|All this ash should come in handy.|
Could I really do anything else in good conscience, though?
It seemed fitting that the closest to Hythloth the Orb of the Moons could take me as of yet was the Shrine of Humility. Carefully we wound our way through the explosive fumaroles still burbling on the island, then entered the caves. And sure enough, our path was perilous indeed. The ground shook on occasion, lava flowed profusely throughout the tunnels, the volatile nature of the fiery depths made manifest. Even worse were the beasts such an inferno was wont to attract - a few drakes here and there at first, but the deeper we went, we found ourselves fighting off the beguilements of demons, and the terrible might of dragons lurking amid the flame. I found myself leaning heavily on my magical abilities, and while the caverns proved a fine source of sulfurous ash (meaning I had little worry when it came to running low on reagents for Light spells), it was my dwindling stash of mandrake that I was truly worried about - I was burning through Great Heals like no tomorrow.
|I wish learning new languages was this easy.|
I found the youth just outside Hytholth's egress, just as the captain had said I would - they met at that particular spot rather regularly, at approximately that time of day. Beh Lem confirmed the fear his people had of me, but remarked it was not a fear either he or his father Valkadesh shared. Believeing his father, a respected scholar, might be able to help find a way to heal the rift between our respective peoples, he eagerly joined us and guided us around the mountains to his home - after, of course, I took a moment to outfit him properly, so that he wouldn't start exploding every few steps after an unprotected stroll through a swamp. He thought it best to avoid the heart of the city until we had a more concrete plan, and I saw no reason to dispute him.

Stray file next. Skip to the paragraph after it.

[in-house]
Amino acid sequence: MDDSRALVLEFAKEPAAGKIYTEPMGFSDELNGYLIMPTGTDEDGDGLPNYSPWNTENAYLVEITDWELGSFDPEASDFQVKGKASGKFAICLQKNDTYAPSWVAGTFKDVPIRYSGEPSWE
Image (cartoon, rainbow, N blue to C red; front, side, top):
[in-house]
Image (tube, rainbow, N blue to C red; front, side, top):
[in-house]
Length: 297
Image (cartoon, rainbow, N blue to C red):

|Um... that's a problem.|
And so I made my way to the quarters of Draxinusom, who thundered about my audacity in coming, demanding to know what I was doing there and making it very clear that the presence of a Gargoyle child was the only reason he restrained himself from slaying me where I stood - Johne had been correct on that particular matter, it seemed. Though shaken a bit on the inside, I calmly informed the Inquisitor of my purpose - to surrender. Draxinusom was skeptical, but upon telling him I had been discussing with Valkadesh about how I could go about providing the needful sacrifice, he presented me with an amulet, telling me to don it as proof and demonstration of my submission. Dupre was uncomfortable with this, believing it to be a magical trap of some sort, but there was no other choice, the way I saw it. I removed my ankh and replaced it with the amulet, and that was that.
|Gotta say, wasn't in a hurry to see this again.|
|Well that's depressing.|
A brief conversation with Lady Isabella pointed me in Selganor's direction once more, and he in turn told me that the inventor of the balloon (though considering I had flown one many years prior, I personally thought it was more likely he was its re-inventor) had headed to Sutek's island, east of Serpent's Hold, something about a job he had there. And so I set sail once more, navigating the channels through the islands until I reached the one I remembered as the wizard Sutek's.
|Uhhh... I'll just see myself to the exit.|